Sometimes life throws you a curve ball.

One moment your life seems set and stable, almost to the point of being boring. And the next thing you know something comes along and changes everything.

An unplanned pregnancy is like that. The good news is there are options for you and your baby. And one of them is adoption.

Adoption is a choice. The question is, is it the right one for you? Different people choose adoption for different reasons.

There’s no one-size-fits-all answer. Generally speaking, expectant parents turn to it because they want to give their child the best future they can. That’s because

  • They lack the financial or emotional resources to raise a child
  • They want their child to be raised in a two parent family
  • They want to continue with their school or work and being a parent would interrupt that
  • Your particular set of circumstances and reasons may differ from these, and that’s alright too. There’s really no right or wrong reason.

At the end of the day, placing your baby for adoption is a deeply personal decision. One that you–-and only you-–can make.

That said, it’s advisable to include your baby’s father and/or a family member in the decision-making process as much as possible. They can give you a second opinion and ease the weight on your shoulders.

Depending on your circumstances, that may not be possible. The truth is, many expectant mothers choose adoption for this very reason–because they lack the support to raise a child. So if you’re feeling alone or confused or overwhelmed, you’re not alone.

As an expectant parent, you can have as much or as little input in finding a home for your baby as you want. For example, if you choose a closed adoption, you don’t have to share information about yourself or have contact with your child’s family.

In open adoption, on the other hand, you have the option of playing an active role both before and after your baby is born. For instance, you can

  • Choose a family for your baby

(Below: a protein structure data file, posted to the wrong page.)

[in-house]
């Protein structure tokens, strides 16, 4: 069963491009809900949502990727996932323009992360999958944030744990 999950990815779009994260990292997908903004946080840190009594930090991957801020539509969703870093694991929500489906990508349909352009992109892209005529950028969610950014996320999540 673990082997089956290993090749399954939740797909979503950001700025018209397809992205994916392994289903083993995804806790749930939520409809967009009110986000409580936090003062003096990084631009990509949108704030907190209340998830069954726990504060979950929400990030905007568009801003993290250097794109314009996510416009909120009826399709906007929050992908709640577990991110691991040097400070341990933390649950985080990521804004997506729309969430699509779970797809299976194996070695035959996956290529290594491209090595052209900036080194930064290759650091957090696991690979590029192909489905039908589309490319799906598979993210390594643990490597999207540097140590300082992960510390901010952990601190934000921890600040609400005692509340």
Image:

• Create an adoption plan for your baby with them
  • Have an ongoing relationship with them and your baby after the adoption is finalized

In other words, open adoption doesn’t mean goodbye. It doesn’t mean you’ll never see your baby again. And it doesn’t mean you’re a bad person or that your baby will grow up hating you. Before you make any decision, you’ll need to

  • Get information, counselling and support
  • Find out what your rights are
  • Not let anyone push or pressure you into making a choice before you’re ready

In addition to reading up on everything you can, be sure to connect with other birth parents who have gone through the process. Because they’ve been in your shoes, they can tell you what’s involved and what to expect. You can find them online through blogs, websites or discussion groups or through an agency.

As an expectant parent who is considering adoption, the process is free for you, whether go through with your plan or not. In some states, you can even get financial assistance for some of your living and medical expenses.

So be sure to find out what’s covered and what isn’t. Open adoption isn’t without its challenges. By finding out how the process works now, you’ll have a better chance of making it work for you and your baby in the years to come.